Born in Equatorial Guinea and raised in Spain, Silvia is now a proud Canadian. Before coming to Canada Silvia lived in six different countries in Europe: Spain, England, Finland, Denmark, Belgium and Ireland. To this experience, Silvia says “I took from each country the cultural aspects I liked the best and applied them to my personal life. My life experiences in these countries have helped shape who I am today” Silvia holds a Bachelors Degree in Business Administration with a major in Human Resources from Camosun College and a postgraduate diploma in Intercultural Education from the University of Victoria. Silvia is an entrepreneur, she is the founder and manager of two businesses, Kulea Love and Kulea Culture. Silvia’s passions among many others are women’s issues, her two businesses, and fitness and wellness.
Robert G. Allan is a third-generation naval architect who with his predecessors have practised naval architecture continuously in BC since 1919. That business, incorporated as Robert Allan Ltd. in 1961, is the oldest in its field in Canada. He is a Registered Professional Engineer in BC, and a Fellow of both SNAME and RINA. Mr. Allan has authored numerous papers and several textbook chapters on the subject of tugboat and workboat design. He has received numerous major peer awards for this work. He is a long-term Trustee of the Vancouver Maritime Museum, and a member of the SS Master Society.
Early in my career I became key in conducting many research projects and policy development that have paved the way my nation approaches governance systems. As a youth I became key in conducting many research projects and policy development that paved the way my nation approaches governance. I moved on to enhance my education taking an intensive course in Tourism Management through the Hotel/Motel Association, a two-year program that was condensed into nine months passing with a 4.0 average. In 2011 I challenged the Technical Level of Aboriginal Economic Development and received my certification though Nicola Valley Institute of Technology. As I advanced in my position I was able to acquire my certification in Later Violence. Boards: Community Futures East Kootenay, Ministers Tourism Engagement Council, Kootenay Rockies Tourism, Cranbrook Tourism, ʔakisq̓nuk Housing Authority, Committees: College of the Rockies Business Management Program, Qat̓muk Steering, Crown of the Continent Executive and Columbia River Treaty Heritage Project
Katherine Carlson is the Executive Director of the Central BC Railway and Forestry Museum (in Prince George). Having been with the organization in varying capacities over the past decade, she has heard stories of the lived experiences from visitors and their connection to (railway and industrial) community, as well as to particular railway pieces that hold strong meaning. She sits on the Cultural Services Advisory Committee for the Regional District of Fraser Fort George, is the Vice Chair for the Prince George Heritage Commission and is on the Board of Directors of Heritage BC.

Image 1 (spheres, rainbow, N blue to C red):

Dr. Angela Clarke is the Museum Director and Curator of Il Museo at the Italian Cultural Centre in Vancouver. She holds a Ph.D. in Interdisciplinary Studies from the University of British Columbia specializing in Italian women, religion and decorative art. Recent publications include a book on Italian Renaissance marriage plates, entitled Ideal Brides: Deruta maiolica and marriage c.1500 to 1550. Since 2015 Dr. Clarke’s research has focused on generational differences in the Italian community and shifting cultural interests and needs. This has led to exhibitions exploring generational attitudes towards family, spirituality and gender such as Family Lines: Lesbian Family Heraldry, An Achievement of Arms and the immigration-themed European Union Project Performagrations.
Britney Dack is the Heritage Planner at the City of New Westminster. In this capacity, she administers the City’s Heritage Conservation Area, Historic Districts, Heritage Revitalization Agreement program, and a variety of protected properties. She has a Master’s degree in Community and Regional Planning from UBC and an Honours degree in Public Policy from Carleton University. Britney has been working in the heritage sector for eight years between museums, historic sites, education, and community planning, though currently specializes in development policy and long-range planning. Britney is Past President of the BC Heritage Fairs Society, a Heritage BC award-winning program form youth engagement in local history, past Chair of the City of Richmond’s Community Heritage Commission, and a current board member with Heritage BC.
Karen Dearlove is the Curator for the North Vancouver Museum and Archives (NVMA). After completing her PhD in History at McMaster University Karen worked at the historical house museum McDougall Cottage in Waterloo Region, and then Curator of Chiefswood National Historical Site, the childhood home of Mohawk poet E. Pauline Johnson, located on the reserve of the Six Nations of the Grand River. Karen moved to Vancouver in 2013, and worked initially as Capacity Planner at Heritage BC. As Curator at the NVMA Karen designed the award winning travelling exhibit Chief Dan George: Actor and Activist in collaboration with the George Family and the Tsleil-Waututh Nation, and is deeply involved in creating the exhibits for the new North Vancouver Museum, set to open in October 2020 in Lower Lonsdale.